I was driving — scratch that. I wasn’t driving anywhere. I can’t drive. Or do jumping jacks.
My dear friend, the amazing Kate Whitten Mottram neé Manuel, was driving her and me in my definitely-blue-not-black Escalade north on Congress Avenue on Friday; away from the corporate headquarters of Life Saver Pool Fence and toward my humble abode.
There were less cars on the road, but still way too many given the global pandemic.
And that pandemic, of course, was what we were discussing.
She was struggling, like many of you likely are, with the cognitive albatross of the never-ending decision making. What outing is essential? What is safe? What is responsible? How can this be made safer? How can this risk be mitigated? What do I do, case after case after case?
I gave her a piece of advice that has helped me tremendously over the years: make a rule. Spend some time, think it through, and make a rule. Decide one time what to do and then apply that rule ruthlessly whenever it arises, saving yourself from having to be constantly weighed down by making a decision on a case by case basis every time this thing, whatever it is, comes up.
For instance, for COVID-19, I’ve decided I leave the house to go to work. And that’s it. Nothing else. That’s the rule. When things pop up that seem tempting / important, I follow the rule.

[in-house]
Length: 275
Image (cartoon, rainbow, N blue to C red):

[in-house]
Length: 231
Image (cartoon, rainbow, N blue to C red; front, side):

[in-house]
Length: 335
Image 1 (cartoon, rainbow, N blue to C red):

On a more trivial note, I have a rule about showers. I don’t do them. Baby showers, bridal showers, golden showers, regular showers… none of the above. I hate them (we all do), and I used to agonize over whose baby / bridal shower was important enough for me to go to. Now, it’s real simple. I don’t go to any.
Same goes for small children’s birthday parties. If your 1 year old is throwing a rager, save your money and don’t send me an invite. I’m not going.
Go ahead and add weddings that require me getting on a plane to that list, too.
I also, automatically, get tickets to see every comedian I am familiar with who comes to the Palm Beach Improv. I got tired of trying to decide who to see and who not to see. So, I made a rule. And now I see them all.
I even have a rule about which watch to wear each day.
As much as this helps streamline a personal life, it’s even more important in business. I see so many businesses constantly wrestling over the same issues again and again on a case by case basis. Don’t do this. If something comes up more than once, make a rule.
When a customer calls and is interested in getting a pool fence, we do the same thing every time. When someone inquires about becoming a dealer, we do the same thing every time. When we get a warranty email, we do the same thing every time. I even have a 10 page Word document filled with email responses, ready to be copied and pasted, because I respond to a myriad of different scenarios the same way every time.
When you make a rule, not only do you save yourself the bandwidth of having to solve the same problem over and over again, you also make better decisions. You make the rule when you’re not currently in the situation, when you are removed from it a little bit, and thinking pragmatically. When you spend some real-time making the right decision once, then stick to it, you are much better off than quickly trying to make a choice on the spot when you’re in the thick of it.
No one likes following the rules imposed on us by others. Those rules are never fun. But if you make and live by your own rules, life gets a lot less stressful and your business gets a lot more automated.